MANILA, Philippines – The US Embassy in Manila on Thursday said that the new fees for non-immigrant visa categories will go to visa security.
“All of the money goes right back to visa security. Every penny's that collected goes into securing the visa, making it even less vulnerable document because ultimately, while the visa is meant to facilitate travel, we can never compromise the security aspect of the document,” said US Consul General Michael Schimmel.
In an interview with [email protected], Schimmel explained that fees are collected by Congressional mandate to cover their costs.
“So, every year or two, they analyze how much it cost to actually process a US visa application and they calculate this by the hours devoted to it by the American officer, and by the people behind the scenes, and by all the people who manage the databases that we contrast information against to determine someone's eligibility,” he said.
The new non-immigrant visa application fees took effect last April 13, 2012.
But while some fees for the non-immigrant visa categories increased, the cost for immigrant visa application has decreased.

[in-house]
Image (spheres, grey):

“Similarly, on the immigrant visa side, they lowered the cost because they realized we were charging more that it actually cost us to process immigrant visas,” he said.
Schimmel believes that the most significant change that the embassy has offered in the last 12 months is the visa reissuance program.
“If you've had a visa and you used it correctly you're invited to simply reapply or apply for its reissuance and allowing you to waive the interview altogether,” he said.
He added, “We think that has been a tremendous asset to people who don’t want to spend too much time in the embassy, and are likely to be qualified”.
He, however, emphasized that the embassy is strictly implementing a number of security measures “before somebody actually reaches the border point of the United States.”
“While we want to facilitate travel, our mandate includes security as the highest priority,” he said.
He said the security clearances are necessary before the embassy can even consider issuing a visa to somebody.
“We’re checking to see if this person represents a threat to the United States in any way, and of course, the overwhelming majority of people from the Philippines do not represent a threat. But these checks are the same for every population, every applicant worldwide,” he said.